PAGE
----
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Noah and the Vineyard
Video 19 of 21
At the top of the story what are the conversations you have? Well we begin with the snake speaking to woman. The snake tempts Eve to eat from the fruit, then what happens? After the snake speaks to woman, the woman speaks to man and offers him fruit. So that's the first series of conversations. How is that mirrored at the end of the story? Well once G-d gets in the picture after they've eaten from the tree of knowledge so we have a second set of conversations, where G-d is speaking to all of these people. First G-d speaks to man, to Adam, and says, so what's the deal? How come you ate this fruit? So man then blames woman and says, well the woman that You gave me she gave it to me.
Notice this recurring word gave over here. Ha'isha asher natatah - the woman that You gave me; Hi natnah li - she is the one who gave it to me. So Adam is sort of in a perverse kind of way blaming G-d. You're blaming me from eating from this tree? I was given it by someone, by the woman that You gave me. Anyway, this word gave over here the first time we have it is actually over here when woman actually talks to man presumably and gives him the fruit. So these gives are kind of playing off of this give over here.
Moving on, what happens after man blames woman? So then G-d speaks to woman and woman and woman blames snake. The snake was the one who tempted me. Then what happens? Then what happens is G-d has conversations with reference to each of these people - in other words, no longer is G-d asking for explanations - over here this is explanations - now G-d is dispensing consequences. First consequence, snake. Second consequence to the woman, the third consequence to man. The snake was going to crawl on his belly from now on, the woman was going to have pain in childbirth and the man is going to work the land by the sweat of his brow.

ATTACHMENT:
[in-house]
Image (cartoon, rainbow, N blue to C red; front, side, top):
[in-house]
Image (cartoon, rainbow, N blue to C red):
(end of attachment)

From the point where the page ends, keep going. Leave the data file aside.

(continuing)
So what you see over here gets mirrored in its sort of own chiastic structure; A, B, C - C, B, A. All of this conversations I'm going to call one large element of the chiasm, and we're going to put that right over here and over here. So we're going to say conversations between snake, woman, and man are going to occupy what we're going to call the D place on the chiasm. Conversations between man, woman and snake and G-d in a sort of reverse chiastic way, are going to occupy D' over here.